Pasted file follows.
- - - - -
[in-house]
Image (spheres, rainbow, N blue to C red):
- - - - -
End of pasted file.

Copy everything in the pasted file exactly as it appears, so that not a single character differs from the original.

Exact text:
[in-house]
Image (spheres, rainbow, N blue to C red):